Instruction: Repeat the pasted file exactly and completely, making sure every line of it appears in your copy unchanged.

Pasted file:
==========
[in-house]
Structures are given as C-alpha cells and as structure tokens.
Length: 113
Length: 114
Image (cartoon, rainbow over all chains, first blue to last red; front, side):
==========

[in-house]
Structures are given as C-alpha cells and as structure tokens.
Length: 113
Length: 114
Image (cartoon, rainbow over all chains, first blue to last red; front, side):